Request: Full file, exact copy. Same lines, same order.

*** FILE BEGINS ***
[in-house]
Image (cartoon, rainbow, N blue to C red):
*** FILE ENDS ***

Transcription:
[in-house]
Image (cartoon, rainbow, N blue to C red):